By: Alana Millings, LMFT
After experiencing a broken heart, whether it be from a break up with a spouse, the loss of a friendship or the death of a loved one, many people find that they don’t know what to do, and often feel lost, angry or confused. People sometimes turn to things like food, sex, shopping, drinking and other “comforts” to escape their feelings of depression, sadness and confusion. What many people do not do is recognize and correctly identify what there are truly feeling: Grief.
Grief is unfortunately not as widely accepted in our society as we might like it to be and certainly not as much as we need it to be. There is often an expectation that the griever “move on”, “get over it” and “let things go” after a certain period of time when someone suffers a loss. The unspoken rule is that we are not allowed to dwell on these things for too long because it may send a message that a person is not strong. This is unfortunate, as it gives people incorrect information about how to grieve and creates a barrier to learning how to overcome grief and heal from a broken heart.
We grieve losses when we consider the things we wish we could have done differently, better or more in those relationships we have lost. We feel there were moments that were missed opportunities to say something more, do something better, and we beat ourselves up for not having done something differently. Sometimes, we think perhaps that time will heal our hurt… or at least that’s what we’ve heard. We think that maybe our memory will begin to fade, and it might be easier to forget, but our brains hold on to hurt and heartache with a tight grip and will not easily let those memories fade away.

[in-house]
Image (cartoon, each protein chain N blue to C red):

Some of us decide that we will cope with our losses alone, fearful of what others might think if we shared our hurt openly, putting on a brave face in public and then breaking down in private. Some of us will seek to find mental clarity through meditation, which can be very relaxing and helpful for some, but may cause more stress and frustration for others. Some of us believe that going to therapy or a support group will be helpful, and those are good long-term options, however many people may find themselves wanting for more. More than breathing exercises, more than talk and an ear to listen, more than support and coffee. People are in need of something that will heal them, some tools that can be used to help bring closure and completeness to what was left incomplete by the ending of a relationship. These tools do exist. The specific tool that I am referring to is called the Grief Recovery Method®.
The Grief Recovery Method is wonderful and effective program derived from the book: “The Grief Recovery Handbook”. The book provides step by step instructions on how to overcome loss and heal a broken heart, leaving you with tools that you can use time and time again. You can find out more about the Grief Recovery Method by picking up the book: The Grief Recovery Handbook, 20th Anniversary Expanded Edition, or you can contact a Certified Grief Recovery Method Specialist® who will take you through the program in either an individual or group setting over the course of about 8 weeks.
Whatever means you choose to overcome a broken heart, do not isolate yourself. The key will be to incorporate others. Utilize the supports in your family and friends. Contact a therapist, visit and join a support group, try group Yoga or meditation. You will find that surrounding yourself with positive people who love, care and support you will be the best medicine to heal your hurt and your heart.
-Alana Millings, M.S., LMFT
Certified Grief Recovery Method Specialist®